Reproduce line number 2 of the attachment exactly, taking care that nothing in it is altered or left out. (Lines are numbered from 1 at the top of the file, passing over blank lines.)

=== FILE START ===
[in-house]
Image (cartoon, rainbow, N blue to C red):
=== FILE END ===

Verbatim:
Image (cartoon, rainbow, N blue to C red):